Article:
Credit: NASA/JPL-Caltech

 

NASA’s latest addition to Red Planet probing is the Perseverance robot – now getting up to speed on Mars within Jezero crater. Scientists believe the area was once flooded with water and was home to an ancient river delta.

Credit: NASA/JPL-Caltech/Univ. of Arizona/ESA

However, early imagery relayed from Perseverance has provided some “geo…logical” head-scratching.

Picture-sleuthing science

Credit: NASA/JPL-Caltech/Jack Mustard

Jezero rock photos appear to indicate volcanic activity – and perhaps the Mars machinery is sitting in leftover volcanic rock and dust. Some picture-sleuthing readers have suggested that the water “trail” isn’t there…there is simply not enough erosion.

To help sort out the sorted details, Inside Outer Space asked noted expert Jack Mustard, professor in Brown University’s Department of Earth Environmental and Planetary Sciences, what’s the lowdown on those rocks?

“The first impression could give that interpretation, as they have landed on the Jezero mafic floor unit, which is variably interpreted as volcanic flows, volcanic tephra (ash and particulates) or maybe eolian [pertaining to the activity of wind].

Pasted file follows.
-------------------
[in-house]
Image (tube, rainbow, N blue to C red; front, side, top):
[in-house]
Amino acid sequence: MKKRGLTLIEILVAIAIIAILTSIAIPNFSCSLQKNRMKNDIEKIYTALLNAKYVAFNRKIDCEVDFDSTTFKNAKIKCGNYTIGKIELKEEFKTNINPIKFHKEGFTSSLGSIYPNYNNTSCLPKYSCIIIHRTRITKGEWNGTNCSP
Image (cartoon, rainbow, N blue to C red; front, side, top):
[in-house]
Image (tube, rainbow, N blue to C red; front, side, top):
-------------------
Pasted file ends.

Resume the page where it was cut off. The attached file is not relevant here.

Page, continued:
Credit: NASA/JPL-Caltech/Jack Mustard

Too soon to tell

Mustard said Perseverance is actually in a place where the delta may have been long ago but has since eroded away, “so this mix of dust, fragments and rounded pebbles could be what is expected.” It’s too soon to tell, he adds.

In the photos shown here taken by Perseverance and provided by Mustard, these images shore up the interpretation.

Credit: NASA/JPL-Caltech/Jack Mustard

“But the vesicles could be volcanic from degassing of volatiles from a flow,” Mustard says. They could be pits formed from eolian abrasion “or through other weather processes such as seen in pits we see on Ferrar Dolerite rocks in the McMurdo Dry Valleys.”

No doubt, more imagery and use of Perseverance’s tools will help decipher the nature of the Jezero site.

Credit: NASA/JPL-Caltech/Jack Mustard

Eye of the beholder

Meanwhile, there’s a geological axiom worth considering: the “tyranny of shiny objects.”

Planetary geologist Jim Head, also at Brown University says that the meaning is what attracts the attention of the eye may be interesting, “but should be put in the context of ‘obtaining a representative sample’…as you may get a ‘piece of broken glass’ and not basic rocks/soils that actually hold the story of the origin and evolution of the region.”

2 Responses to “Perseverance Mars Rover: Off to a “Rocky” Start?”